Master of Boyana, 1975-2006, bronze, 220 cm
The Master of Boyana was put on view for the first time in 1976 at a large exhibition in the gallery of the Union of Bulgarian Artists in Sofia. The work was created by Dimitar Boykov (1927-2000), one of the leading names in Bulgarian art in that period. The 1970s and 1980s was a time in which the Communist regime turned its attention to monumental arts, and a host of Bulgarian artists responded to this shift by creating large-scale memorial works. These were affecting compositions dedicated to heroic moments of the country's history. Boykov, who belonged to this group of artists, worked on several large monuments, among them To the Fallen Soviet Airmen and To the Seven Fallen Anti-Fascists. But what brought him fame in the early 1960s were his plaster figures. Throughout the Communist period he created a string of memorable large works, in which ideology was put in the background.
And such is the case with the Master of Boyana. It is an interpretation of one of the perhaps most mythologized characters in the history of Bulgarian art. The Master of Boyana stands in for an unknown mediaeval painter or group of painters who worked on the walls of the church of Sts Nikolas and Panteleymon, in the village of Boyana near Sofia, in 1259. The wall-paintings are among the most significant monuments in Bulgarian lands from the time of the so-called Palaeologue Renaissance in Byzantine art. The person or persons who did them have gone on to become the object of legends and mystifications. In the early 20th century the Master of Boyana became a symbol of the Man Devoted to Art. He was the protagonist of books, films and an opera.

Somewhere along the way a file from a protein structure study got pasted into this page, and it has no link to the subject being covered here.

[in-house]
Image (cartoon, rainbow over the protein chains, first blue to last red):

Dimitar Boykov has presented his Master as a tall, gaunt man who is holding a small bowl full of paints in front of his chest; the other hand dips a paintbrush into the bowl. The wide shoulders and the large chest additionally highlight the fragility of the fine painting instruments that the man is holding. The painter is presented as static, with eyes fixed in a forward gaze. It's as if the moment was captured in which the artist is contemplating his just-finished wall-paintings. Despite the realistic manner the artist used, the head and the face do not have clear portrait features. Central accent are the vertical folds of dress. Their dynamics turns the body into a column with deep vertical grooves. Boykov made the folds of the dress into the work's main expressive means, a manner that eventually became characteristic for his art.
In 1963 Boykov created September 1923, a figure of a kneeling man whose right arm is raised in a fist. The entire movement, designed in a sharp diagonal, and the gesture's expression are brought to the foreground by deep plastic folds of the garment, which reach up to the outstretched hand. This was one of the first works that made Boykov popular. The approach, used to the fullest, was applied to Boykov's work on a woman's figure from 1981 for the central lobby of the National Palace of Culture in Sofia. The statue is positioned in the building's entrance, upright and with arms outstretched sideways, the dress, which envelops the entire body, is immersed in ripples and folds.
The Master of Boyana was first cast, in white plaster, in 1975; it was 250 cm high. It existed in this state until 2006, when it was re-cast in bronze on request by Hugo Voeten. The work is currently on view in the sculptural park in Gheel, Belgium. It is the only sculpture by Dimitar Boykov in the Collection Hugo Voeten.
Text: Vessela Nozharova